Bile acid transport by basal membrane vesicles of human term placental trophoblast

Gastroenterology. 1990 Nov;99(5):1431-8. doi: 10.1016/0016-5085(90)91172-3.


The aim of this work was to investigate the first step in the vectorial translocation of bile acids from the fetus to the mother, which is the transfer across the basal (i.e., fetal-facing) plasma membrane of the trophoblast. Thus, the uptake of [14C]taurocholate by basal plasma membrane vesicles obtained from normal human term placentas was studied. Taurocholate retention into vesicles was studied using a rapid filtration technique that was modified to reduce the taurocholate binding to the filters and to the external surface of the vesicles. Using 100 mumol/L substrate, the membrane vesicles showed a temperature-dependent, Na(+)-independent transport of taurocholate into an osmotically reactive intravesicular space. The initial rate of taurocholate influx in the presence of 100 mmol/L KNO3 followed saturation kinetics (apparent Km for taurocholate = 670 +/- 128 mumol/L; Vmax = 1.86 +/- 0.28 nmol/mg protein.60 s at 37 degrees C). Over the 6.9-7.9 pH range neither internal nor external pH nor inward nor outward proton gradients affected the uptake of taurocholate. When the electrical potential difference across the basal membrane was manipulated by external anion replacement (Cl-, SCN-, SO4(2-), or NO3-) or by valinomycin-induced K(+)-diffusion potential (vesicle inside negative), taurocholate uptake was not significantly modified. Taurocholate uptake was cis-inhibited in the presence of 1 mmol/L glycocholate, 0.5 mmol/L 4,4'-diisothiocyanostilbene-2,2'-disulfonate and 0.5 mmol/L sulfobromophthalein. However, 1 mmol/L probenecid or 0.5 mmol/L p-aminohippurate had no effect. Moreover, preloading the vesicles with 100 mmol/L HCO3- (but not with 100 mmol/L Cl- or 50 mmol/L SO4(2-) induced a significant enhancement in the initial rate of taurocholate uptake. In summary, these findings provide strong evidence for the presence of an electroneutral transport system for taurocholate in the basal plasma membrane of human chorionic trophoblast. They also suggest that this is likely to be an anion-exchange system.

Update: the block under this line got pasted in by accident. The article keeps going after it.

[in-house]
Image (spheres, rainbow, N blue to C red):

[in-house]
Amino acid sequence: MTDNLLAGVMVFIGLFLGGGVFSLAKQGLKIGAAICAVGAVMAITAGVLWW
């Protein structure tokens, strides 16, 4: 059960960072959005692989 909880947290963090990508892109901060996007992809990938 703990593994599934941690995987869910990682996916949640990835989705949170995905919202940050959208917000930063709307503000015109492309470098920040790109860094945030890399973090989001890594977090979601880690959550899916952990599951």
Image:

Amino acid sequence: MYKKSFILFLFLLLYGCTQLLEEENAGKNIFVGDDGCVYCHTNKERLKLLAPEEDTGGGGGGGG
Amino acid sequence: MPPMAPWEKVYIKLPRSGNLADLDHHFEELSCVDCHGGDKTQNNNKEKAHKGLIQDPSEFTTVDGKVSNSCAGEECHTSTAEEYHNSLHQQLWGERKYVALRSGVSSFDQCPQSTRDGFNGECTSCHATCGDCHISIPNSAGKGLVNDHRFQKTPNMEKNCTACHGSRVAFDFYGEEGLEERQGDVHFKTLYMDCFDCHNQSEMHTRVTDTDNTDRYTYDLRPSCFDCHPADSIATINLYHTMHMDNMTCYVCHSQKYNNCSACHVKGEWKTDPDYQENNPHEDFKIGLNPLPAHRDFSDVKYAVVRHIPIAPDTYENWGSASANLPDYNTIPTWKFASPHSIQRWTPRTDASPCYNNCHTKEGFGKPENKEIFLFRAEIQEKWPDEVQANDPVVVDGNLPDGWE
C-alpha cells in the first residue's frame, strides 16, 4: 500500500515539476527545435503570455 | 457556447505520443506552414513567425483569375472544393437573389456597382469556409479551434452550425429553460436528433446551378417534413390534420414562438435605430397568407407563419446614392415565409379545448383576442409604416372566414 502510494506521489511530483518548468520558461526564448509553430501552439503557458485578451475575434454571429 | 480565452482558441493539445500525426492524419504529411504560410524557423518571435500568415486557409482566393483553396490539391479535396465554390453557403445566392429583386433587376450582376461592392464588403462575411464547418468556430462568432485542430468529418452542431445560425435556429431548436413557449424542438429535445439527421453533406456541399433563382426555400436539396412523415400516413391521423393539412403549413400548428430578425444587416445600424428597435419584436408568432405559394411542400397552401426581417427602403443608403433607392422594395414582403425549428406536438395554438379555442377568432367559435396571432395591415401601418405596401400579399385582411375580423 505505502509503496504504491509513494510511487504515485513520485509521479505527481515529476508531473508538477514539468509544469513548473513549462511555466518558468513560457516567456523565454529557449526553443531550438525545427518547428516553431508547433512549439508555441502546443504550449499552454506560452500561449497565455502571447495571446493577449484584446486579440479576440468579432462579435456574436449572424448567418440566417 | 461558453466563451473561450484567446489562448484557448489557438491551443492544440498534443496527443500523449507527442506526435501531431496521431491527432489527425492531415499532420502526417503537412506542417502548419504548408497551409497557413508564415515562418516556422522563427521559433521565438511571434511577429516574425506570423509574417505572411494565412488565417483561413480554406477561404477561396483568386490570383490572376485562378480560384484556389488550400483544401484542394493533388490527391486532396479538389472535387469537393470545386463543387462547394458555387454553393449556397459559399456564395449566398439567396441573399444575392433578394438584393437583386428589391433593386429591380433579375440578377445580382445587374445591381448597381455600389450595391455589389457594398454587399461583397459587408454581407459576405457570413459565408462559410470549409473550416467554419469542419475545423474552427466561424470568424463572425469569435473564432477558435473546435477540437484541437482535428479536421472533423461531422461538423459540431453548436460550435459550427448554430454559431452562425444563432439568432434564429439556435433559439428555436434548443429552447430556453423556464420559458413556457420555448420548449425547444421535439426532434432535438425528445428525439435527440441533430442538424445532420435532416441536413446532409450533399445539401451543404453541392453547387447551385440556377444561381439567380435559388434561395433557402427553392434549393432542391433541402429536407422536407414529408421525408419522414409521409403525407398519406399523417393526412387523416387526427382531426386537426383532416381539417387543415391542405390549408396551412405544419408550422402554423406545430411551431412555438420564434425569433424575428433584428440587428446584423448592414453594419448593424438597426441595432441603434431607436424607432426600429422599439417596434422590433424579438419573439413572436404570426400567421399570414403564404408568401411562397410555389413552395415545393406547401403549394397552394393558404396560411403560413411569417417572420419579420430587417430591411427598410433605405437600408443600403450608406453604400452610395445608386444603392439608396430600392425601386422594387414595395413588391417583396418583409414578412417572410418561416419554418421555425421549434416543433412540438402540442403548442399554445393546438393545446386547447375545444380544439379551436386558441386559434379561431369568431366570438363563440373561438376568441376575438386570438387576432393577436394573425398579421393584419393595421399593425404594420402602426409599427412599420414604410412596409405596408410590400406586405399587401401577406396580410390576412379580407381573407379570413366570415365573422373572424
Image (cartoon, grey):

Publication types

  • Research Support, Non-U.S. Gov't

MeSH terms

  • Basement Membrane / metabolism
  • Bile Acids and Salts / metabolism*
  • Biological Transport, Active / drug effects
  • Female
  • Humans
  • Hydrogen-Ion Concentration
  • Maternal-Fetal Exchange
  • Osmolar Concentration
  • Pregnancy
  • Taurocholic Acid / pharmacokinetics*
  • Temperature
  • Time Factors
  • Trophoblasts / metabolism*


  • Bile Acids and Salts
  • Taurocholic Acid